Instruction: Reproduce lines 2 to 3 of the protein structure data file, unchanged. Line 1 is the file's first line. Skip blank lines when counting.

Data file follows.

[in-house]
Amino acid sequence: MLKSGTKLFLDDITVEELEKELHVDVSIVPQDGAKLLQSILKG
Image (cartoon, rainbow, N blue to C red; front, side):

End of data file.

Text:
Amino acid sequence: MLKSGTKLFLDDITVEELEKELHVDVSIVPQDGAKLLQSILKG
Image (cartoon, rainbow, N blue to C red; front, side):